FRIEDMAN: You’re wrong. You’re not taking into account what it costs people to avoid taxes. This is one of the most important—and most overlooked—points in the whole field of taxation. Let me give you the simplest case: municipal bonds. As you know, the income from municipal bonds is tax-free. You’re not even required to report it. For this reason, municipal bonds pay a much lower return; if corporate bonds are paying eight percent, municipals might be paying five. Suppose you buy some municipal bonds. You get the income from them, yet on the government books, no taxes on this income are recorded. But still, you do pay a tax. You pay three dollars in eight—the difference between what you could have got if you had bought corporate bonds at eight percent and what you did get buying municipals at five. That’s a 37 1/2 percent tax. It’s not recorded, but you’re still paying it. What happens, in effect, is that as a buyer of municipal bonds, you pay a 37 1/2 percent tax to the Federal Government, which turns your money immediately over to the municipality.
A better example is the oil-depletion allowance. A man drills for oil. It costs him $100,000 to drill the hole, but he expects to find only $50,000 worth of oil. Still, he drills the hole because of the tax advantage of being able to deduct the drilling cost from other income. That makes it worth while to drill. But understand, he’s not really drilling for oil, he’s drilling for tax advantage. If it weren’t for the tax laws, nobody would spend $100,000 to find $50,000 worth of oil. So there’s $50,000 of pure waste in such an undertaking. Businessmen call it buying a tax shelter.

PLAYBOY: Who actually bears this cost—the entrepreneur or taxpayers at large?
FRIEDMAN: A good question, and one not easily answered. Individuals enter such transactions, obviously, because they think others will bear most of the burden. If they thought they’d have to pay the cost themselves, they would probably never get involved. But when you have a whole nation of entrepreneurs, each seeking tax advantage, it’s impossible to say just who pays the bill. In essence, we all do. All you can say is that when a man pays $100,000 to drill a hole that will produce $50,000 in oil, $50,000 has been wasted. Given a better tax system, this waste would not have occurred. And that alone justifies changing the tax system.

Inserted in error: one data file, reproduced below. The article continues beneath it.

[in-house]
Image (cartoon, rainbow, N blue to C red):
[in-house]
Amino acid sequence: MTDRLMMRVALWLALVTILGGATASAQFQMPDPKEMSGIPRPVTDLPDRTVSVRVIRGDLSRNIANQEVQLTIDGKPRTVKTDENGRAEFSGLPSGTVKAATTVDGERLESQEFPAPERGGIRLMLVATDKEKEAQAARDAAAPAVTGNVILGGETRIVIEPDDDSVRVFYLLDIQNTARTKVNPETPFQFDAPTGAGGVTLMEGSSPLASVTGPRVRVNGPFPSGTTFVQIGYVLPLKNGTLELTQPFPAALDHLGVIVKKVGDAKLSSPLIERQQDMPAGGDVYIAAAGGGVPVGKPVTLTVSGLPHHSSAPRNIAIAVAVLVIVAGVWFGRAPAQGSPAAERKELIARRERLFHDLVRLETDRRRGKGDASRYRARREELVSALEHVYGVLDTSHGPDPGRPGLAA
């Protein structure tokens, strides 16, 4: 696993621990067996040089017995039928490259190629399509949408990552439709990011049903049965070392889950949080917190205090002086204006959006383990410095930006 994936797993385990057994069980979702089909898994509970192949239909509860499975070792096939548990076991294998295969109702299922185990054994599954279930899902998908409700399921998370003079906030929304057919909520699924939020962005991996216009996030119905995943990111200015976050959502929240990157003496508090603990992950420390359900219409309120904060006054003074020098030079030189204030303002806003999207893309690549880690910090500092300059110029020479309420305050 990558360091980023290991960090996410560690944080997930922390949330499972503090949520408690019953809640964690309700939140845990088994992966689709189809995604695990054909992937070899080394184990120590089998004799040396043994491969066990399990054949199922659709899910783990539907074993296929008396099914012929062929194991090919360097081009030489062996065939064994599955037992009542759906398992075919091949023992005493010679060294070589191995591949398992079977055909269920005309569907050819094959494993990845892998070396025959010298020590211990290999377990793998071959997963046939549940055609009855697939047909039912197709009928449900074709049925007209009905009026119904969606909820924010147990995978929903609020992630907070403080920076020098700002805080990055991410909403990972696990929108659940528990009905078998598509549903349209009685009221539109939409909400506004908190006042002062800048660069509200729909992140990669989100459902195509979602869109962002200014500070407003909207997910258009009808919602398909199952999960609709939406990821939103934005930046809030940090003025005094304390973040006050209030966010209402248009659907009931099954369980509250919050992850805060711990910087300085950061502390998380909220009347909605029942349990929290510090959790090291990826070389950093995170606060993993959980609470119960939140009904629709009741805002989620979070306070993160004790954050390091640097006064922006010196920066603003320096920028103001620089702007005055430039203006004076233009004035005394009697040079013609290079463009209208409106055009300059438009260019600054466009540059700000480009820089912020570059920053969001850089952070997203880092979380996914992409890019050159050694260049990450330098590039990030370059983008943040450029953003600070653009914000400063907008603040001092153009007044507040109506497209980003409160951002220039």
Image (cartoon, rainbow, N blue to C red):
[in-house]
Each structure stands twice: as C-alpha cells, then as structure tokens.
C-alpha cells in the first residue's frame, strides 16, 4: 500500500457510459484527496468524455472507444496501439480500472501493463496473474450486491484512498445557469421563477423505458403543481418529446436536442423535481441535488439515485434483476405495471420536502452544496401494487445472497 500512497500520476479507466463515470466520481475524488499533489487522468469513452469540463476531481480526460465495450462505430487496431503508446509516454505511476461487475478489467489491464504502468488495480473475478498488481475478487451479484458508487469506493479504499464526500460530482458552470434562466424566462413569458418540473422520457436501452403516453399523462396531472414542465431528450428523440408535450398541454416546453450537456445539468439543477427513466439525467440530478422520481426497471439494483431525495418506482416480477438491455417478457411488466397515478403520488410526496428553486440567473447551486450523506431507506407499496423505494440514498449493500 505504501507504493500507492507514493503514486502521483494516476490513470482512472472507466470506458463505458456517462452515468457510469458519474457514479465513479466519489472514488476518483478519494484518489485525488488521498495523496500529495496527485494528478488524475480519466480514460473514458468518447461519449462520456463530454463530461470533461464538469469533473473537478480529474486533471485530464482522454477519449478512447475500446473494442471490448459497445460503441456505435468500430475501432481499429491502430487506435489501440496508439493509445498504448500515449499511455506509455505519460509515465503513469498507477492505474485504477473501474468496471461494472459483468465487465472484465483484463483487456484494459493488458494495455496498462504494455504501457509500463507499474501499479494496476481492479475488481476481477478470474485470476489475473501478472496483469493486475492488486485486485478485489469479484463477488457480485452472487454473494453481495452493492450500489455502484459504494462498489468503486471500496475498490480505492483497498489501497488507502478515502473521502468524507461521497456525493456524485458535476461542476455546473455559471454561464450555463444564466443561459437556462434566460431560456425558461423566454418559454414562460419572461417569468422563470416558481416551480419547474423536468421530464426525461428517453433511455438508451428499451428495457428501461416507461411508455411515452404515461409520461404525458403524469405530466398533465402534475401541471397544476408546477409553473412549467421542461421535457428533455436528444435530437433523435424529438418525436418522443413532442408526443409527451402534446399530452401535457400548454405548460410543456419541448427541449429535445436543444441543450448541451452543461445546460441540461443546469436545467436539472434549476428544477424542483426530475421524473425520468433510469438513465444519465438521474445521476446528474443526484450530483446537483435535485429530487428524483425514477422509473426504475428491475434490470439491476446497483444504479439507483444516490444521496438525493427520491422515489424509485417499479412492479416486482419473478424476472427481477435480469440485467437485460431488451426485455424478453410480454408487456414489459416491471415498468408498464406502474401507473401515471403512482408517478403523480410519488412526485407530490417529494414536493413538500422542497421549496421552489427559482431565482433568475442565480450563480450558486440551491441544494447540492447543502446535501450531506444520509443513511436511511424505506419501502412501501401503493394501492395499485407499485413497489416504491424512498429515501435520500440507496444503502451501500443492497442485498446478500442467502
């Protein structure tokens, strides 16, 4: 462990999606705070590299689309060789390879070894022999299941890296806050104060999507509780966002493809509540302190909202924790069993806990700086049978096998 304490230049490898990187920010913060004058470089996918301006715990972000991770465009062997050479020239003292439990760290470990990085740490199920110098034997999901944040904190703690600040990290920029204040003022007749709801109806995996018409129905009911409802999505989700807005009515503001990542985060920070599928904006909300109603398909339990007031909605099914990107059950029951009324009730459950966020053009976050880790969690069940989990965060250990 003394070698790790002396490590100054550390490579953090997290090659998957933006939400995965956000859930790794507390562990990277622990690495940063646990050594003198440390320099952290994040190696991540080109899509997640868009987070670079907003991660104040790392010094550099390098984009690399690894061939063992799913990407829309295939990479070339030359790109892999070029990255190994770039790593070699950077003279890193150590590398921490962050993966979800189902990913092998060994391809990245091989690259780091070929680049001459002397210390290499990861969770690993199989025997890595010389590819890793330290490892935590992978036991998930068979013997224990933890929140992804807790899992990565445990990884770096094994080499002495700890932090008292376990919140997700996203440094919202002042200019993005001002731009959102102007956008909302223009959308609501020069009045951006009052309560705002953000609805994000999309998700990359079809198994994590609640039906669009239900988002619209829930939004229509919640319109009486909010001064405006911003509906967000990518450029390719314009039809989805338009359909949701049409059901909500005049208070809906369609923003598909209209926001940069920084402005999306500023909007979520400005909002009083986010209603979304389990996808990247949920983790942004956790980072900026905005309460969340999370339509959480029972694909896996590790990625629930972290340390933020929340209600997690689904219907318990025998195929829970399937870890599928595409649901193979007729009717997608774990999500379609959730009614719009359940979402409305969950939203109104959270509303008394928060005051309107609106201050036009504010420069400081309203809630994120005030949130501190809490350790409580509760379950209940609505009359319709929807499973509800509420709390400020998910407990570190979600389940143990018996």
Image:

PLAYBOY: The oil companies defend the depletion allowance on the ground that it encourages exploration for new oil reserves in the U.S.—reserves that might be crucial in a national emergency.
FRIEDMAN: They do, but have you ever seen them give an estimate of how much it costs to provide emergency reserves by this device rather than by others? Two different questions are involved here. First, do considerations of national defense require a large oil reserve for emergencies? Second, what is the best and cheapest way to provide such a reserve? The answer to the first question is far from clear, given the likelihood that any major war involving nuclear weapons would be extremely short. But even if the answer is yes, there are ways of providing a reserve that would be far cheaper than requiring consumers year after year to pay unnecessarily high prices for oil in order to finance exploration for additional wells, and then using the oil from these wells for current consumption, so you have to explore for still more wells.
But I’m getting away from the question you raised: whether the rich could benefit from getting rid of the loopholes. My main point is that all these wasted expenditures, tax shelters—whatever you might label these evasive maneuvers by the well-to-do few—are largely at their own expense. True, they reduce the taxes they pay, but only at a high cost. Philip Stern wrote an article in The New York Times Magazine a few months ago entitled Uncle Sam’s Welfare Program—For the Rich. His argument went like this: People like H.L. Hunt, let’s say, pay $2,000,000 a year in taxes. But if the loopholes were closed, he’d pay $20,000,000. Therefore, Stern said, the current system is the equivalent of Congress’ enacting an $18,000,000 welfare grant for Mr. Hunt, paid for by the public. This is sheer demagogic nonsense, because it completely neglects what it costs Mr. Hunt to avoid the taxes. Maybe Mr. Hunt, to avoid paying $20,000,000 in taxes, paid $16,000,000—by buying municipal bonds, digging uneconomical holes, paying high-priced tax lawyers to find new loopholes. There probably is an element of welfare for the rich, but it’s much less than many people imagine.